UK automotive announces record £69.5bn turnover
New figures released today (30 June) by the Society of Motor Manufacturers and Traders (SMMT) show that the sector is breaking new records, with turnover hitting an all time high of £69.5bn in 2014. Manufacturing output, vehicle sales, jobs and export values also grew, while the environmental impact from vehicle production has been reduced dramatically.
Last year, car production alone grew to 1.53 million units – the highest level since 2007 – with an increasing number of vehicles built for the domestic new car market, which itself grew 9.3% to reach 2.48 million registrations last year. On current trends, UK car output is expected to reach an all-time record level of 1.95 million vehicles in the next two years.
The industry has also reported huge gains in productivity thanks to investment in more efficient, high-tech manufacturing processes. In each of the five years to 2014, an average of 11.5 vehicles were produced for every person employed in the industry, compared with 9.3 vehicles for the period from 2005 to 2009.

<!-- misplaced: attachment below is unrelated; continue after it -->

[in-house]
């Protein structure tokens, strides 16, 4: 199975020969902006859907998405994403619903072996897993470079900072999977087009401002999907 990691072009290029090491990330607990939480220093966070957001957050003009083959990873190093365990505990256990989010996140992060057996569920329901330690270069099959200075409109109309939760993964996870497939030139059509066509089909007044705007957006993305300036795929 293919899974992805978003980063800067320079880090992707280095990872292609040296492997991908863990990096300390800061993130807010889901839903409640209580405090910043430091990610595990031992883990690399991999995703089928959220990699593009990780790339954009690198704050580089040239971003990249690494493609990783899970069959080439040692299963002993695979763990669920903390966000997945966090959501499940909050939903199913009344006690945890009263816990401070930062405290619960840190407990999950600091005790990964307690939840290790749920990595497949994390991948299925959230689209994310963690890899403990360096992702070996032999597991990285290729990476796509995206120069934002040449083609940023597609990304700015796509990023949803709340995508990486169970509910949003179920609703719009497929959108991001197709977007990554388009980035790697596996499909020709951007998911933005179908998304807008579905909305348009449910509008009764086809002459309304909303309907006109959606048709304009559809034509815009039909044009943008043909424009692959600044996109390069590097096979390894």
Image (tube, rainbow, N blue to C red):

Meanwhile total waste to landfill from all automotive production fell by more than a quarter (26.3%) in 2014, and an exceptional 92.3% since 2000. And water and energy use fell by 10.7% and 10.4% respectively, and CO2 emissions per vehicle produced fell by 5% compared with 2013.
Mike Hawes, SMMT chief executive, said: “The UK automotive industry can be proud of its achievements as it continues to set new standards. The sector is delivering growth in volumes, turnover and employment, while reducing its environmental impact. Continuing to expand in a fiercely competitive global market is a major challenge and will depend on a supportive economic and regulatory environment which promotes investment to foster innovation and continuing productivity improvements.”
According to KPMG, UK production is on track to grow in 2015 and again in 2016 and 2017, and the company continues to forecast that in 2018 UK production will beat the all-time record set in 1972.